Debates are everywhere: Are sex and gender innate? Is sex natural and gender social? Is gender the result of sex? But, scientifically, both sex and gender are mosaics, so why are we so obsessed? asks Daphna Joel
Are sex and gender natural? To my mind, a much more interesting question is: why do we care? But first, let me say a few words about the original question.
Sex is a biological system comprised of genes and hormones, and in this sense, it is ‘natural’. By saying that sex is ‘natural’ people tend to imply that it's immutable, yet natural phenomena, including those related to sex, are often subject to change. For example, the levels of sex-related hormones constantly fluctuate, in response to internal and external events. Some of the factors affecting the levels of these hormones are highly dependent on a person's gender. For example, competing and parenting – which in many cultures are not equally encouraged in women and men – affect testosterone levels. Do these facts mean that a person's sex is not natural? Not at all. But they do mean that we should not equate ‘natural’ with ‘immutable.’
Nor should we equate the sex system with the sex categories, to which we are assigned at birth, typically on the basis of the form of our genitals. The vast majority of humans are born with one of two sets of genital organs – either only female-typical or only male-typical. In contrast, such components of the sex system as estrogen, testosterone and other sex-related hormones are found in all humans, regardless of which set of genital organs they possess. Moreover, the average levels of most of these hormones are similar in females and males, and, as I have just discussed, the levels of these hormones are highly dynamic and reactive. So, unlike genitals, sex-related hormones do not come in two distinct sets – male and female.
Complex interactions result in brains composed of unique mosaics of features, and these brain mosaics cannot be meaningfully sorted into male and female.
The same is true of our brains – they are neither immutable nor binary. Their structure and function are constantly affected by complex interactions between a multitude of factors, including sex-related genes and hormones. These complex interactions result in brains composed of unique mosaics of features, some more common in females and others more common in males, and these brain mosaics cannot be meaningfully sorted into male and female.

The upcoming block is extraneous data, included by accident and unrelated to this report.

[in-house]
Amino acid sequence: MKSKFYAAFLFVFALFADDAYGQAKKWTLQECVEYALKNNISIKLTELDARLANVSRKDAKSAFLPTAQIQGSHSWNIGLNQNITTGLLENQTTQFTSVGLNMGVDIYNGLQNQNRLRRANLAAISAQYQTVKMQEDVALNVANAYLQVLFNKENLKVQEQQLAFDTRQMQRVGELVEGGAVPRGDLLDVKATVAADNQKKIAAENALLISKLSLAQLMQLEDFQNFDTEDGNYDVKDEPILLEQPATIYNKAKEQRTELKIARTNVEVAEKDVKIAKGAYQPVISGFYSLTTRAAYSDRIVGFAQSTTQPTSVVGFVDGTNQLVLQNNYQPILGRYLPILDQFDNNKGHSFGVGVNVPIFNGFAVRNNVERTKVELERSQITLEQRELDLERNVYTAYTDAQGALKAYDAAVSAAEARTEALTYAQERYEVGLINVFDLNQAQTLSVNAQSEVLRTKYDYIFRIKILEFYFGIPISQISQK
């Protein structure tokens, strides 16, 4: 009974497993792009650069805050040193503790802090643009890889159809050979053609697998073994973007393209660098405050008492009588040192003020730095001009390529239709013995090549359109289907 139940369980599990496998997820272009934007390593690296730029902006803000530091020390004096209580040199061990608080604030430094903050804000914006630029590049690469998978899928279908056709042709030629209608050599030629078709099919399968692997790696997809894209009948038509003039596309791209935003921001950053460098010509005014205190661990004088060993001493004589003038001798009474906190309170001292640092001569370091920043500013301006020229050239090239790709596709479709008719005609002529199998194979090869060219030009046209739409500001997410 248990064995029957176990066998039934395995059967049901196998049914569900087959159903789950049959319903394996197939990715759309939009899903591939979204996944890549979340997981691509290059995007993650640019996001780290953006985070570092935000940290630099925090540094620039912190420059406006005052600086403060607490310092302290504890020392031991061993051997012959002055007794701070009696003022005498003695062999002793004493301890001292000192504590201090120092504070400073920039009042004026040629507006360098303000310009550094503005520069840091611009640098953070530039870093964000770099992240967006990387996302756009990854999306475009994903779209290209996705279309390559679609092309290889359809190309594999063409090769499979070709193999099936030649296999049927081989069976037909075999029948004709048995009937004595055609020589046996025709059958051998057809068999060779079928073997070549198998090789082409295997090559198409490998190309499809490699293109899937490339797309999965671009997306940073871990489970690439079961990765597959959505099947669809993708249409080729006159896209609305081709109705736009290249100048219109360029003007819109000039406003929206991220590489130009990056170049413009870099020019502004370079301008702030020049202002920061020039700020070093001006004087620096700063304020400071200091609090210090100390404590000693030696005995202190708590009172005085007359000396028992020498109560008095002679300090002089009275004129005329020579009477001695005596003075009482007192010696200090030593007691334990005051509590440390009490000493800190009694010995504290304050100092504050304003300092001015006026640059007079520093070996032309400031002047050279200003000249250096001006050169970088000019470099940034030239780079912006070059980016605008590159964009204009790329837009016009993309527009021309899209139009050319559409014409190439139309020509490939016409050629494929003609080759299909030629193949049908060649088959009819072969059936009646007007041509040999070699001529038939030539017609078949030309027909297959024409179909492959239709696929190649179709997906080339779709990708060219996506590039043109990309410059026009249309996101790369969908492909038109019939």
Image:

Our gender – the set of psychological characteristics and behaviors that are considered appropriate for humans with male or female genitals – is not binary either. This is because most humans possess unique mosaics of feminine (i.e., more common in women compared to men) and masculine characteristics. As groups, women and men may differ in certain traits, but, on the level of the individual, each one of us is a gender mosaic. So human beings don't neatly fit into a binary division – neither in terms of their biological sex system, nor in terms of their gender characteristics. What is binary is the gendered social system which attributes different meanings, roles, power and status to humans with male or female genitals.
For centuries, people have turned to sex to prove that dividing humans into two groups, women and men, is 'natural', often focusing on the effects of sex on people’s brains. Which brings me to the question – why do we care whether gender is natural? I would like to argue that it is because we equate ‘natural’ with ‘inevitable’. In this way the idea that gender is a natural consequence of sex can be used to justify the binary set-up of our society.
For the sake of the argument, let’s assume for a moment that gender characteristics are indeed a ‘natural’ result of sex. For example, that boys and men are more aggressive by ‘nature’, and girls and women more nurturant. Would this justify the binary societal division?